Keen camping and bushcraft types will love these rugged outdoor trousers, as will hikers who relish crashing through the heather on long moorland walks or exploring little-used forest footpaths.
Tough and rugged main fabric
No leg vents
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Sasta Jero pants: first impressions
Sasta Jero pants come from a Finnish brand best known for making seriously tough kit for the sorts of activities and pastimes that Finns traditionally love – namely, hunting, fishing and general outdoors life. So, if your typical day might involve a morning spent foraging for chanterelles in the forest before whiling away an afternoon chopping firewood for the winter, Sasta Jero trousers are for you. Perhaps it’s no surprise that bushcraft legend Ray Mears loves ’em.
They’re also made with sustainability in mind, since the main fabric is a polycotton blend of recycled polyester and organic cotton (for more on this subject see sustainable hiking clothes). This is pre-treated with PFC-free Nikwax water-repellent solution for added weather resistance. The trousers are reinforced at the knees and ankles with Kenytex panels for durability – a tough polyester fabric that incorporates Kevlar fibres (yes, the same stuff that is used to make bulletproof vests). That gives a clue as to just how durable these hiking pants are. A stretch gusset in the crotch also permits a little extra flexibility.
Other features include articulated, pre-shaped knees, a large, zipped thigh pocket with a secondary press-stud storm flap and Velcro-adjustable tabs at the ankles and calves. Hidden lace hooks are fitted to allow you to attach them to your best hiking boots too. Keeping these trousers up is also a belt-and-braces affair – literally – since as well as being fitted with belt loops, they also have twin sets of buttons to fit braces. The waistband is semi-elasticated for a more forgiving and comfortable fit.
• RRP: $210 (US) / £160 (UK)
• Style: Cargo
• Gender specificity: Men’s and women’s versions available
• Sizes: Men’s EU 46–60, regular leg only Women's EU 32–46, regular leg only
• Weight (Men’s): 500g / 17.6oz
• Materials: Main fabric Recycled polyester (65%), organic cotton (35%), wax- and Nikwax Cotton Proof treatments Reinforced panels Kenytex (93% polyester, 7% Kevlar)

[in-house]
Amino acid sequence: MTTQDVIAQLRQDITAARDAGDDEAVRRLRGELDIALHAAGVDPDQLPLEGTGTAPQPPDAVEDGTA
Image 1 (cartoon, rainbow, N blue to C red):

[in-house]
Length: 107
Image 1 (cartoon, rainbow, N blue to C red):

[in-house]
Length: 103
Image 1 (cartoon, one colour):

• Colors: Orange / Dark Olive / Forest Green / Sea Blue / Black
• Compatibility: Three-season hiking, camping and backpacking
Sasta Jero pants: on the trails
These trousers are so rugged and well made that they would certainly function as field or even work pants as well as general outdoor wear. However, we’d say they’re best-suited to long woodland or moorland yomps, particularly if you’re venturing along little-trodden paths that might involve pushing though a fair bit of tangled heather, gorse, bracken and briar.
The fact that they cinch in at the ankle and mid-calf allows for a neat and precise fit in the lower leg, preventing them from getting snagged or caught, while also keeping twigs and other debris out of your boots.
They're also some of the best hiking pants for more technical mountain terrain – they’re certainly tough enough – although bear in mind that the fabric doesn’t offer quite the same articulation as stretch softshell pants.
Remarkably, given their burly construction, they’re neither overly stiff nor heavy, so they still provide good all-day comfort. There are no vents to help with airflow though, so on the warmest summer days we’d recommend switching to lighter pants. Similarly, in winter you might want more weatherproof options – though these will happily fend off spring showers and autumn drizzle.
An outdoors writer and editor, Matt Jones has been testing kit in the field for nearly a decade. Having worked for both the Ramblers and the Scouts, he knows one or two things about walking and camping, and loves all things adventure, particularly long-distance backpacking, wild camping and climbing mountains – especially in Wales. He’s based in Snowdonia and last year thru-hiked the Cambrian Way, which runs for 298 miles from Cardiff to Conwy, with a total ascent of 73,700 feet – that’s nearly 2½ times the height of Everest. Follow Matt on Instagram and Twitter.
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